Boehringer Ingelheim and Eli Lilly have unveiled positive top-line late-stage data for empagliflozin just as the German group has decided to pull out of one of the projects covered by the firms' diabetes alliance.
First up, Lilly and BI announced results from four completed Phase III studies of empagliflozin. In all of them, the drug, a sodium glucose co-transporter-2 (SGLT2) inhibitor, met its primary endpoint of reducing blood glucose levels compared to placebo.
Incidence of adverse events was similar for placebo, empagliflozin 10mg and 25mg, but genital infections occurred more often with both dosages of the BI/Lilly drug. The aforementioned infections are linked to SGLT2 inhibitors as this class of drugs, which works independently of insulin, causes a substantial increase in the amount of glucose that flows out in the urine.
Klaus Dugi, head of medicine at BI, said many patients with type 2 Diabetes are not meeting their blood sugar level goals, and alternative treatment options are needed. He added that "we believe we are now one step closer to bringing a relevant treatment option in a new drug class to these patients".
BI and Lilly expect to file empagliflozin for regulatory approval this year in the USA, Europe and Japan. If given the green light, it will compete in Europe with AstraZeneca/Bristol-Myers Squibb's Forxiga (dapagliflozin), which was turned down by the US Food and Drug Administration a year ago; an FDA advisory committee will meet this week to review Johnson & Johnson's SGLT2 inhibitor canagliflozin.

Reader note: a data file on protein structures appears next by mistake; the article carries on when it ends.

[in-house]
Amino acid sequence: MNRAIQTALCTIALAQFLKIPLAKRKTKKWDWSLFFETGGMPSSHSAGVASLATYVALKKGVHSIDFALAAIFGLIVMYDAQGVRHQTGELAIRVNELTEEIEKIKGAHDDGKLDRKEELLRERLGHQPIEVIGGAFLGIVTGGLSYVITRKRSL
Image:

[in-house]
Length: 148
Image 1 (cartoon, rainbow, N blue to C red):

Lilly and BI formed their diabetes alliance in January 2011 but the partnership has taken a bit of a knock with the news that the latter has terminated its participation in the development of LY2605541, an experimental basal insulin analogue.
BI says the decision is the result of "independent strategic portfolio considerations". However, Ulrich Drees, head of international project management, insisted that "there is an excellent spirit of collaboration in our alliance with Lilly", and they will continue to develop Trajenta (linagliptin), empagliflozin and LY2963016, a new insulin glargine product.
Gwen Krivi, head of product development at Lilly Diabetes, said that "we're encouraged by the pre-clinical, Phase I and II data we’ve seen" and "we look forward to sharing the Phase III data results…as early as 2014". Lilly hopes LY2605541 will compete with Sanofi's blockbuster Lantus (insulin glargine).